Creating More Inclusive Work Environments for LGBTQ Professionals

This June, cities across the United States honor LGBT Pride Month, a month in which we are pressed to think critically about prejudice.

In the wake of the Orlando nightclub shooting, this LGBT Pride Month has an added layer of weight and significance. The shooting, the worst in American history, reminds us that prejudice and poor communication can escalate conflicts, even to the point of deadly violence.

This article addresses everyday biases and obstacles that manifest both in and out of the workplace, specifically the role of gender and sexuality in corporate industries.

Such topics are especially relevant and interesting to Consensus, as we consult to global organizations about effecting improved business results through enhanced communication and collaboration.

Only 38%

According to the U.S. LGBT2020 sample—a study published by Out Now Global, an LGBTQ marketing specialist—only 38 percent of LGBTQ Americans feel comfortable coming out at work. In a phone interview with Consensus, Nick, a manager at a prominent technology company, shared, “‘Gender and Sexuality in the Workplace’ is an important topic that needs to be talked about more. Sexuality is important. I live it everyday. It impacts how I behave and advance at work.”

Pride Month 2016 LGBTQ LGTB

Feeling Like an “Other”

Though the LGBTQ community has made significant advances over the past decade, less than 18 percent of LGBTQ professionals believe that their workplace is not homophobic. Workplace homophobia takes many forms, from overtly homophobic attitudes and statements, to implicit biases held by coworkers and superiors. Implicit bias (commonly defined as the unconscious stereotypes and attitudes we have about a group of people) addresses notions of masculinity/femininity, lifestyle, and self-expression. On the topic of workplace dynamics, Nick states, “You can definitely feel like an ‘other,’ and there is implicit bias at my company that’s part of a wider conversation about bias. Therefore, it’s important to think about how we create an environment.”

Despite inclusion and diversity programs, the tech industry “still has a problem with demographics in the workplace,” states Nick. “Sexuality is ever present, and it goes a lot of different ways. Just by using pronouns it comes up.” According to the LGBT2020 sample, 16 percent of respondents report that they’ve experienced harassment at work.

Nick explains, “I was a professional ballet dancer for a few years. I worked as a performer and I worked in hospitality. At my tech company, everything is more corporate or subdued. It’s a corporate structure, so you can’t sway too far up or down. You need to find a balance between that and being yourself. The dynamics vary by the ways in which you express yourself.”

The Business Case

In a study entitled The Business Impact of LGBT-Supportive Workplace Policies, researchers at the Williams Institute found that openly LGBTQ professionals experience less stress and anxiety than those who are not open about their sexuality at work.

So, while LGBTQ professionals may feel that they must hide their sexual orientation in order to advance their careers, such compromises may affect workplace happiness. And, research shows a direct correlation between job satisfaction, engagement, efficiency, and productivity. In the end, as described in a recent article in Inside Philanthropy, it is in the organization’s business interest to create an environment that embraces difference, including different sexual orientations.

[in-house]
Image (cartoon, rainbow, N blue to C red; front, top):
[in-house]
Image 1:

Accordingly, in an attempt to strengthen LGBTQ support networks, many corporations are becoming increasingly involved in LGBTQ organizations. “Women in the Workplace has been a big deal, and LGBTQ is starting to become big too,” Nick explains. “There’s been significant corporate involvement recently, which is a big evolvement from a business standpoint. Still, this involvement brings out a lot of unanswered questions.”

Our Advice

Based on Consensus’ experience as negotiators, mediators, trainers, and coaches (practitioner-facilitators), improved emotional intelligence and communication skills would expedite positive change in this area. While either would independently improve dynamics, the two in tandem would have a gestalt effect.

A greater awareness of one’s biases can positively impact professional dynamics. A shift to an inquisitive mind – intellectual curiosity about others while avoiding prejudgment – serves as a springboard for positive communication and creative problem solving.

Similarly, effective, yet diplomatic, advocacy balanced by active-listening may be instrumental in constructively discussing potentially difficult topics.

A number of Consensus’ corporate clients are integrating these solutions – in the form of customized workshops, individualized coaching, or a mix of the two – into their Diversity & Inclusion strategies.

Nick has found his tech company to be very supportive of LGBTQ professionals: “In my life and in my career, as a San Franciscan tech worker, there’s been a lot of support. At the same time, there have definitely been things to overcome, and I have a different journey than the typical career.”

Pride Month brings to light overdue discussions about obstacles that the LGBTQ community faces, both in and out of the workplace. As we celebrate and reflect on Pride Month, Consensus is optimistic that individuals and organizations alike will continue to take the steps necessary to make everyone at the organization feel welcomed and supported.

Pride Month 2016